BYU students energized by alum Mitt Romney's presidential bid
Charles Dharapak, AP
PROVO — The air is warm with a crisp fall breeze. Half-golden, half-green leaves swirl down to the ground, and students rush in crowds from one building at Mitt Romney's alma mater to the next.
Some sit outside in groups and chat. Others lay in the sun. Not every conversation focuses on Tuesday's election, but when asked, every BYU student has something to say about it.
"We've been very positive this semester, we're all very passionate members and leaders for the cause for Mitt Romney," Emily Kinard said of the BYU College Republicans. "He can make the changes needed. Personally I think it's so important to be involved and care about this."
The Universe, BYU's student newspaper, has been doing a series about Romney's younger years for the past few weeks, with a lot of focus on his BYU years, Kinard said.
"A lot of students think it would be cool for a Mormon and BYU alum to be in office, but I don't know if it will sway votes," she said.
The candidacy of a BYU grad was omnipresent Monday, with fliers everywhere advertising an election night party, university newsstands full of papers with stories outlining much of Romney's life and exit poll stations just waiting for voters to show up Tuesday at the Spencer W. Kimball Tower to cast their ballots — and fill out surveys about who they voted for and why afterwards.
"I think there is increased excitement among students," said Quin Monson, director of the Center for the Study of Elections and Democracy (CSED) in BYU's political science department. "I don't think the proportion of supporters is higher than it would normally be for any Republican candidate but there is a level of excitement for him that exceeds those normally in candidacy."
Though students typically don't have the money to donate to campaigns, they do have time, energy and talents to give. Monson is connected to numerous former students who are actively involved with Romney's campaign, which is unusual, he said.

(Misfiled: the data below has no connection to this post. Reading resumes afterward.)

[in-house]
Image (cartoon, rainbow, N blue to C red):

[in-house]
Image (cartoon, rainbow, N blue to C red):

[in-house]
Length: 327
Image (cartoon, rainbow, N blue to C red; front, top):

Students with differing levels of political involvement are scattered across the campus, with some diving in and others sitting back and moving their lives around the politics. There have been two specific types of Mitt Romney supporters that David Romney, a Middle East studies/Arabic major, has noticed.
"There are a lot of people who are really excited about Romney," said David Romney, a distant cousin to Mitt and president of the BYU Political Affairs Society. "There are those who want to get involved and help because of (Romney) as a candidate, where they previously wouldn't have."
For those students in this category, many became interested in Romney's political position due to like religious views, he said.
"There were also people with the opposite reaction; this has galvanized them to be politically involved, they see he has kind of become a face of Mormonism you have these students who say 'he's not the face of my Mormonism,’ ” David Romney said. "There are a lot of people with that point of view, people wanting to become politically involved to show their side of things."
For Ben Ader, co-president of the BYU College Democrats, the experience of a Democrat in a predominantly Republican-Mormon community is an interesting but worthwhile one.
"Really it's not as bad as most people think. When people find out I am involved with the College Democrats, they are mostly curious, they want to know my point of view," Ader said.
When it comes to the political science department at the university, the professors are "rather friendly to both ideals; they like thought and discussion of both," he said.
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